It was resting on the back porch of the house, the largest and most vivid moth I have ever seen. I was curious about this fascinating creature and wondered why it was there in my life at that particular moment.  What message it was bringing? I ran to get the camera to take photos of it before it flew away. Internet research revealed that it was a Cecropia, or Robin Moth, a specimen of the largest moth in North America.  I believe it was a female, judging by the size of the abdomen and the antennae.

 In ancient Greek mythology the goddess Psyche was represented by a moth, the symbol of soul or spirit. Moths are also symbols of sensitivity and intuition. They are guided by the moon, for the night is their realm.  Like their more flamboyant butterfly cousins moths are identified with transformation and metamorphosis (meta is Greek, “change beyond,” morph is “shape”, and osis is “state, process, condition)” from a caterpillar in its cocoon into a winged, more refined creature.

To me, the story of the Cecropia is both joyful and heartbreaking. Their short life spans have a single purpose, to breed.  To this end they don’t eat, as these moths have neither mouths nor digestive systems.  The male, attracted to the female’s pheromones will fly as far as seven miles to get to his mate.  When he finds her, they spend one day together from early morning until the evening.  After the mating is complete and the female lays her eggs, both moths fly away to die within seven to ten days.  The cycle of life is complete.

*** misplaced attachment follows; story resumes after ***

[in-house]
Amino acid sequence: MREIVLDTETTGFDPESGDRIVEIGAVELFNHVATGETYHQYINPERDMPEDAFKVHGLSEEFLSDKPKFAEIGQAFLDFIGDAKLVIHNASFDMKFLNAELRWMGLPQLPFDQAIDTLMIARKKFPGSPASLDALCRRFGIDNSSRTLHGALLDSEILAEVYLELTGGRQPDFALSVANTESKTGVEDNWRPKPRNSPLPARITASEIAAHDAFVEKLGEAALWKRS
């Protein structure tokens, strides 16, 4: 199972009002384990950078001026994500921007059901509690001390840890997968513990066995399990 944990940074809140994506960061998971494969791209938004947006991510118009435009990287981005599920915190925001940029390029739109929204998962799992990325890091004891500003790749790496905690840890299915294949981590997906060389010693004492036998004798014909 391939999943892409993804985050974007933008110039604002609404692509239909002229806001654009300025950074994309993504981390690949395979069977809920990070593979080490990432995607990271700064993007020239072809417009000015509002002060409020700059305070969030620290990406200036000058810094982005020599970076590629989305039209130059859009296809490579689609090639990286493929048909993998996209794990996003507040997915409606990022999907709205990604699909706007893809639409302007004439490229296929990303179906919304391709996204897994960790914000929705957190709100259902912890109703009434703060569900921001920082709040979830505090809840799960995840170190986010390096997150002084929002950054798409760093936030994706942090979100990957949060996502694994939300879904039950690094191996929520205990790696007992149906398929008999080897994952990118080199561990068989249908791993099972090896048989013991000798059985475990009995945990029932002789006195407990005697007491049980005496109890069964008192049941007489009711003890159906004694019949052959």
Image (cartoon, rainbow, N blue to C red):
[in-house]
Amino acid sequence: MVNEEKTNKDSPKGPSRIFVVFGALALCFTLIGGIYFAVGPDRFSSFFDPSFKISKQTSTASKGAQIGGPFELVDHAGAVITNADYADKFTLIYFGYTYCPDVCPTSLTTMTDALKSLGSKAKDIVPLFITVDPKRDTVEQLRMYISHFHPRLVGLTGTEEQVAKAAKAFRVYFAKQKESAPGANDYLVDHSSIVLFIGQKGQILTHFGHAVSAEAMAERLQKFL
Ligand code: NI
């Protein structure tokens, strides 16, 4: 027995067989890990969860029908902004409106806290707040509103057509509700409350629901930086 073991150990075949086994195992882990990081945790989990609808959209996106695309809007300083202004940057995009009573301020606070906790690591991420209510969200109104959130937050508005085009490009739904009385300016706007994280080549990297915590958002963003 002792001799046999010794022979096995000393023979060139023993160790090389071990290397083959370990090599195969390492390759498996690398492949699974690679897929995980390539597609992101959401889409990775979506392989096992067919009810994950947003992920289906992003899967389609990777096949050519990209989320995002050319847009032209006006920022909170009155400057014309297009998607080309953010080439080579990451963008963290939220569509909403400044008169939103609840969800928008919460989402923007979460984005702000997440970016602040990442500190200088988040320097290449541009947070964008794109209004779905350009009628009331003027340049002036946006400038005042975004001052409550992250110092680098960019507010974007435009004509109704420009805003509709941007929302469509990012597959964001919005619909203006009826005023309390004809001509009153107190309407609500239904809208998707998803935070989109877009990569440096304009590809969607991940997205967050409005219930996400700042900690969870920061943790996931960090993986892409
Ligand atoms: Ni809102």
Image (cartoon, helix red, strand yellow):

Why had this Psyche moth stopped to rest at my doorstep? Was she merely resting?  Perhaps she was exuding her sweet fragrance to attract her mate, or she already laid her eggs and had embarked on death’s journey.  I don’t fully understand the significance of her appearance; maybe her presence at that moment was a reminder to embrace the cycle of life and to give me courage as I move forward on my own journey on this earth.  Whatever her message, to find this exotic creature in my own back yard is a miracle, and that is enough for me.

About Autumn

In a word, bittersweet, this season of fall, this transition between summer and winter when the leaves turn gorgeous colors before they die and when the days turn crisp and cool like a ripe apple. Time seems to pass more quickly, as the daylight hours get shorter and shorter, and the school children assemble in classrooms. Halloween generates high excitement, pumpkins harvested and the full moon presides as the veil between the world of spirits and our daily lives dissipates. Autumn represents harvest in preparation for winter, and the gathering of family and friends in appreciation of this part of Mother Nature’s cycle.

In my own life, this season means concern about the weather, and shorter days which make me claustrophobic. I am melancholy as I mourn the sun’s brief appearance in the skies. I worry about the frosty, foggy mornings as I prepare for my early morning drive to work. I know that winter approaches, my least favorite of seasons but I am learning to be more accepting. All things have a purpose in Mother Nature’s plan.